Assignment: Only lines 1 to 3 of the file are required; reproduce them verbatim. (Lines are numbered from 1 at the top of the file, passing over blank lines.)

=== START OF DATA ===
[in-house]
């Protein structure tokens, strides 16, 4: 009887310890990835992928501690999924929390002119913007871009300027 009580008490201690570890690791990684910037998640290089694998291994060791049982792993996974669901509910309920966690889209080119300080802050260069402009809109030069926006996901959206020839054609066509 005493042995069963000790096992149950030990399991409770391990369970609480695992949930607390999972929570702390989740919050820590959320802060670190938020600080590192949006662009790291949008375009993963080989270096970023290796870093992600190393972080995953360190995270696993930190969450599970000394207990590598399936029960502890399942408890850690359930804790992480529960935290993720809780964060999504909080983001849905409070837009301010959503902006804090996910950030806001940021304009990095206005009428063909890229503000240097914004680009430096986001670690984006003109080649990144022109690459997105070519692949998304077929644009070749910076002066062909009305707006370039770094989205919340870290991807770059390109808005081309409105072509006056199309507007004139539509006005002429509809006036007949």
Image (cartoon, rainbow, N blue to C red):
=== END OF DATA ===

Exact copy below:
[in-house]
């Protein structure tokens, strides 16, 4: 009887310890990835992928501690999924929390002119913007871009300027 009580008490201690570890690791990684910037998640290089694998291994060791049982792993996974669901509910309920966690889209080119300080802050260069402009809109030069926006996901959206020839054609066509 005493042995069963000790096992149950030990399991409770391990369970609480695992949930607390999972929570702390989740919050820590959320802060670190938020600080590192949006662009790291949008375009993963080989270096970023290796870093992600190393972080995953360190995270696993930190969450599970000394207990590598399936029960502890399942408890850690359930804790992480529960935290993720809780964060999504909080983001849905409070837009301010959503902006804090996910950030806001940021304009990095206005009428063909890229503000240097914004680009430096986001670690984006003109080649990144022109690459997105070519692949998304077929644009070749910076002066062909009305707006370039770094989205919340870290991807770059390109808005081309409105072509006056199309507007004139539509006005002429509809006036007949």
Image (cartoon, rainbow, N blue to C red):